6 Simple Commercial Flat Roof Maintenance Tips

Flat Roof Maintenance

A commercial flat roof is nothing more or less than a common flat roof with a pitch of 10% or less. However, construction and maintenance of a commercial flat roof may seem simple, especially if you have a qualified roof expert’s service at your disposal. But hardly, things are ever as straightforward as they may seem. If your commercial building has a flat roof, it would require regular maintenance checkups for damage prevention and value assurance to keep from compromising on safety and looking its best over time. As a general practice among many commercial building owners, commercial roof maintenance checkups are conducted twice a year, once in spring and the next in the fall.

Understandably, checking your roofs after exceptional weather changes like rainfall and snow should be the norm. However, depending on the design of your flat roof, whether it is an extension of the building, a living roof, or has multiple skylights, not following best practice protocols may reduce the lifespan of the commercial roof.

Here are a few essential but simple tips to help you conduct regular and worthwhile maintenance checkups for your commercial flat roof.

  • Clear Out Ponding

Ponding happens after heavy rainfall or snow when the water starts getting collected in low roof areas. If neglected and not cleared out, it can lead to severe damage to the roof, causing breakage and leakage over time. The structural damage caused by ponding may even eventually become the reason for complete roof failure.

Therefore, finding ways to prevent ponding is the key before any such weather changes are expected. For instance, you can install hoppers to collect excess water or clear out the roof with automatic pumps. The best solution is to build up the low areas on your flat roof.

  • Add Air Gaps

There is a high chance that your commercial flat roof has timbers that can rot and collapse if there is no air gap in between. A cold roof naturally becomes subject to collecting condensation, which leads to rotting timbers.

Therefore, the best way one can avoid this is to add an air gap when constructing the commercial flat roof between the underside of the deck as well as on top of the insulation area and for edges of the building to ventilate automatically.

  • Clean the Drains

This should go without saying for almost any commercial roof that regular drain, gutters, and scuppers cleaning are conducted to keep things flowing smoothly. The idea is to avoid unnecessary material lying over the roof and be conducive to damage.

If your drainage system is blocked because of debris, mud, trash, or other backups, it can leave standing water or snow on your roof that will, in turn, lead to the weakening of the roof. Many commercial building owners with flat roofs tend to invest in drainage cleaning 2-3 times annually. Addtionally, to get a better idea of what drainage systems are out there and a better understanding of drainage on flat roofs, check out our video.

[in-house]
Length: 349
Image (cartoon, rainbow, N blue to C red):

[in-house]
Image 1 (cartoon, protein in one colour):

• Damage Control for Cracks

It is quite possible that due to severe weather that causes freeze and thaw conditions, you observe large cracks or ridges on your commercial flat roof. Moreover, poor craftsmanship while constructing the roof or regular surface stress can also cause cracks.

If the cracks are seemingly small, they can be fixed with regular maintenance checks through commercially available patch kits. However, unfortunately, if the cracks are big and run along the room seams and joints, then they cannot be fixed with regular maintenance and may require professional repairing by roofing experts.

  • Checking for Blisters

Much like the surface of the human skin, blisters on a flat commercial roof surface occur when air and moisture are trapped between the roofing layers, separating them from one another and causing damage to the roof’s core membrane. As there is no way for the air or moisture to escape, a manual run-up is required to patch up the blister.

Make sure to check if the blisters have broken open or show signs of cracks that may increase with a severe blow. Suppose the blister is reducing lap coverage, and there is clear evidence of membrane deterioration. In that case, it is time to call up your roof repair expert as, consequently, your roof may need more work than you initially anticipated.

  • Removing Debris and Vegetation

A commercial flat roof is highly susceptible to collecting snow, debris and even being subjected to unusual vegetation growth. If left neglected, debris can become a major contributing spot for vegetation like trees and bushes.

Therefore, it is important that when on the run for a regular flat roof maintenance checkup, you make sure that nearby trees or other factors are not adding to debris on your roof. Make sure to clear out the roof from any leaves or branches that also add to debris and vegetation growth.

Bottom Line

Hopefully, these top maintenance tips for flat commercial roofs help you keep your roofs maintained for a long time. With proper maintenance, your flat roof should last 10-40 years. It obliviously depends on a number of factors with the weather in your area playing a huge factor. But if you live in Southern California and a commercial flat roof that is properly maintained your flat commercial roof should last you a very long time!

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